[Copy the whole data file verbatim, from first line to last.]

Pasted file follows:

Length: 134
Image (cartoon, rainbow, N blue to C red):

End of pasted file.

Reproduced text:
Length: 134
Image (cartoon, rainbow, N blue to C red):